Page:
CD4+ T cells inhibit growth of Epstein-Barr virus-transformed B cells through CD95-CD95 ligand-mediated apoptosis.
Wilson AD., Redchenko I., Williams NA., Morgan AJ.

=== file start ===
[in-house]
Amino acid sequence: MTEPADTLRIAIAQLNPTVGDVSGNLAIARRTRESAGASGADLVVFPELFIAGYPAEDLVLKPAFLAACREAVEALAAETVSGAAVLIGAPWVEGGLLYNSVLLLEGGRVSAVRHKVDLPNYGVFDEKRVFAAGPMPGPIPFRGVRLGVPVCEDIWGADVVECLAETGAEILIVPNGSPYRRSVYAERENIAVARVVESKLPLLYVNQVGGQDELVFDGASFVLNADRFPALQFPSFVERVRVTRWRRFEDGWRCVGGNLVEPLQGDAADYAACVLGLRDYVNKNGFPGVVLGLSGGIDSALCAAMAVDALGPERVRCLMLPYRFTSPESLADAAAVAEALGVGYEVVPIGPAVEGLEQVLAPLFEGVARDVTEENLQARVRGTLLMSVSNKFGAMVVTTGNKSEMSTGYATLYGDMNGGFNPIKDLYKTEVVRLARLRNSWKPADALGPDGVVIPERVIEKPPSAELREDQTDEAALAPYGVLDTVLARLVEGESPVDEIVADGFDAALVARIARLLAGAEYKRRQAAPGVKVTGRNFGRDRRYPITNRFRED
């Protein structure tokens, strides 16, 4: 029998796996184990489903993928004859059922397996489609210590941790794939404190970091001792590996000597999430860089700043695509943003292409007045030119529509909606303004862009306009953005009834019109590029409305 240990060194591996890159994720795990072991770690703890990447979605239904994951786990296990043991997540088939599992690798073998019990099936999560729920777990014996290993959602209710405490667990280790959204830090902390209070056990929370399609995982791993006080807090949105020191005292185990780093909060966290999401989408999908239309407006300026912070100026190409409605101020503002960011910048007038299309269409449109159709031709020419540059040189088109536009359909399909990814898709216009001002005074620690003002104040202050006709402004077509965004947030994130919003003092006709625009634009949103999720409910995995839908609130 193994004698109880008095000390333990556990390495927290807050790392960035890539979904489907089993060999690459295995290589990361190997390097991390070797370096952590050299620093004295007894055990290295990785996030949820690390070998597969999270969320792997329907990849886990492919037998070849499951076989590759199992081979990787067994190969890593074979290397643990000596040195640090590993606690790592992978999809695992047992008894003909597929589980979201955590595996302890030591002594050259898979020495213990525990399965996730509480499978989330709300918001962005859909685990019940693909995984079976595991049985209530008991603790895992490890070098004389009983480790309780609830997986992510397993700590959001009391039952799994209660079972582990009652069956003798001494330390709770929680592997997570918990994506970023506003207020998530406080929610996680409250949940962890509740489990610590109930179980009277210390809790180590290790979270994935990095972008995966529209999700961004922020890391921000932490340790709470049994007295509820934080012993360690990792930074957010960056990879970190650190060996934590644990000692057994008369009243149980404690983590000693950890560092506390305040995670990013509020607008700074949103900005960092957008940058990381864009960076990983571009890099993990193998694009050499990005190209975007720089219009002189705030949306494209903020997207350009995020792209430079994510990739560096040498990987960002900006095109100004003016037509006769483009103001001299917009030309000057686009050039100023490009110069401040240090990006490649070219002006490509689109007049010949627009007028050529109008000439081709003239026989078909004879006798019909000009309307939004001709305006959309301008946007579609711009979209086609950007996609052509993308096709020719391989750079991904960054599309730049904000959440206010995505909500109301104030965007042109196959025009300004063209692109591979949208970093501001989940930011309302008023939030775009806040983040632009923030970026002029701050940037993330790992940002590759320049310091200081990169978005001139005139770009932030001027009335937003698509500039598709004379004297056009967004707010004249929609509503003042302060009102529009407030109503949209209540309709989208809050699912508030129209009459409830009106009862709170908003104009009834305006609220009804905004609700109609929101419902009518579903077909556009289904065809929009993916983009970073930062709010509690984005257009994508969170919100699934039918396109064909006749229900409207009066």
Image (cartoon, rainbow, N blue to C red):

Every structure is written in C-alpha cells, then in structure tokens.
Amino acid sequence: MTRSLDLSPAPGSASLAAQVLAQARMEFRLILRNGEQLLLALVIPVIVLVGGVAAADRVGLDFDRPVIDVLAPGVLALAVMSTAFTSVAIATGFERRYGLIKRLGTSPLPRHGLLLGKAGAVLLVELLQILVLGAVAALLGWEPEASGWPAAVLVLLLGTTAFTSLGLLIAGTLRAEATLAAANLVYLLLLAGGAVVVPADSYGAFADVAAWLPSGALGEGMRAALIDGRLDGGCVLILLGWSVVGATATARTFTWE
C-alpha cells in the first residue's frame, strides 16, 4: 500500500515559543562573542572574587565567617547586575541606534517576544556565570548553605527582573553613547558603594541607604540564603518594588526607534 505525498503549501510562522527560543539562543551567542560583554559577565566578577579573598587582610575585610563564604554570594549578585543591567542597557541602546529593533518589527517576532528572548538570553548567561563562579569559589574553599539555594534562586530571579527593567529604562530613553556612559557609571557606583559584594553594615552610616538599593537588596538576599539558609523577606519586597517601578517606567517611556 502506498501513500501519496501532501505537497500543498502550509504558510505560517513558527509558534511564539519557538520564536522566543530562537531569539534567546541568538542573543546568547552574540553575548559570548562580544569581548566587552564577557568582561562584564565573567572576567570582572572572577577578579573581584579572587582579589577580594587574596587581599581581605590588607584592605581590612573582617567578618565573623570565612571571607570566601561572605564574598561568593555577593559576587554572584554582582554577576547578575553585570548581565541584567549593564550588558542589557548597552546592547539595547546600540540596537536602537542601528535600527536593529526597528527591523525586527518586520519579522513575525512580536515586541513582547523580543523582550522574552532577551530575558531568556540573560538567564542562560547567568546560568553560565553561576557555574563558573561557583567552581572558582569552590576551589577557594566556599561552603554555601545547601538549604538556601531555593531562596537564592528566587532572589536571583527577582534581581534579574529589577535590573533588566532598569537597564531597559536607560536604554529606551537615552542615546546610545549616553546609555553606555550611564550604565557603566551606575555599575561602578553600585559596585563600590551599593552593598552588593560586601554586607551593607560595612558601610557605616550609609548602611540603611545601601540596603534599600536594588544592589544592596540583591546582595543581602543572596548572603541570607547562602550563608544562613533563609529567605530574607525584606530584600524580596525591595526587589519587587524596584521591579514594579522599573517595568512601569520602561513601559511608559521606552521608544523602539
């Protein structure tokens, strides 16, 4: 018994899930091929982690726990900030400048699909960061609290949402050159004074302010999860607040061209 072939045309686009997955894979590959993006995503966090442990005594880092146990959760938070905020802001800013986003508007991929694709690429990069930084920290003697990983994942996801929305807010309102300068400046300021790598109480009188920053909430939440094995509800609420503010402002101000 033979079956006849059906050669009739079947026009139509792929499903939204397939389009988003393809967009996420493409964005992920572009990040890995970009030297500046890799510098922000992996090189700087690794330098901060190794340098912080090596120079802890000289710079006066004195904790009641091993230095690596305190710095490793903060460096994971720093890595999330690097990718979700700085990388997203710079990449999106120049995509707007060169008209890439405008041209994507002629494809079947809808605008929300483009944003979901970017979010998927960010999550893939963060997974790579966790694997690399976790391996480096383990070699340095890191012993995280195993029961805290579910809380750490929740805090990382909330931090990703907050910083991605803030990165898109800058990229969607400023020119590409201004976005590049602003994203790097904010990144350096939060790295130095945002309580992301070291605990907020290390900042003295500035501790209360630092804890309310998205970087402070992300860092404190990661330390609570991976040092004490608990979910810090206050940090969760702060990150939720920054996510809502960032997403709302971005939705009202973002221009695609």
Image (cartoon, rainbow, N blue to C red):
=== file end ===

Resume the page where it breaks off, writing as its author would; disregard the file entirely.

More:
Greater than 90% of the human population acquire Epstein-Barr virus (EBV) in infancy and retain a lifelong latent infection without any clinical consequences. Nevertheless EBV has been identified as the causal agent of infectious mononucleosis, and is associated with several tumours including endemic Burkitt's lymphoma and B cell lymphomas in immunosupressed patients. B cells infected with EBV are transformed in vitro and grow continuously as lymphoblastoid cell lines. The growth of EBV-transformed B cells in vivo is controlled by the immune system. Studies on immunity to EBV have mainly focused on MHC class I-restricted CD8+ cytotoxic T cells specific for viral latent antigens. Here it is reported that in vitro stimulation of peripheral blood lymphocytes by autologous EBV-infected B cells, which have been induced to express lytic cycle antigens, gives rise to a predominantly CD4+ T cell response. Furthermore, the growth of EBV-infected B cells can also be regulated by these activated CD4+ T cells through apoptosis mediated by CD95-CD95 ligand (CD95L). CD95-CD95L-mediated apoptosis is an important mechanism of normal B cell growth regulation. As EBV-transformed B cells remain susceptible to this mechanism, the control of EBV in vivo may be not only by virus-specific CD8+ cytotoxic T cell immunity but also by normal mechanisms of immune regulation of B cell growth.